A survey is given of population studies on the prevalence and incidence of late-life dementia in general, showing an overall prevalence rate of 5–6% for moderate and severe dementia at the age of 65 and over, and of Alzheimer’s and vascular dementia in particular. In the European countries about 60% of all cases of late-life dementia seem to belong to Alzheimer’s, about 20% to multi-infarct dementia. In Japan and the USSR the share of vascular dementia is obviously greater. Both diseases show an exponential increase of prevalence rates with age in all populations investigated, starting from 2–3% in the age group 65–70 and surmounting 30% beyond 90 years of age, MID and AD doubling about every 5 years. The incidence rates for late-life dementia also show an exponential increase from about 0.3% at the age of 60–69, tripling every ten years of life and reaching around 3–4% at the age of 80 and over. Thus the exponential increase in prevalence is primarily due to the exponential age-dependent increase in the true morbid risk. The sex distribution for both types of dementia is still under discussion. The epidemiological study of genetic and environmental risk factors indicates that up to now only Down’s syndrome and a family history of AD are major risk factors for attracting AD in late life.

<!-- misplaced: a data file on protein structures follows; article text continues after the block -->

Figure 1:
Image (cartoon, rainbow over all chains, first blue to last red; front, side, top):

Vascular Dementia Senile Dementia Severe Dementia Dementia Pugilistica Secondary Dementia 
These keywords were added by machine and not by the authors. This process is experimental and the keywords may be updated as the learning algorithm improves.


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Copyright information

© Springer-Verlag Wien 1990

Authors and Affiliations

  • H. Häfner
    • 1
  1. 1.Central Institute of Mental HealthMannheim 1Federal Republic of Germany

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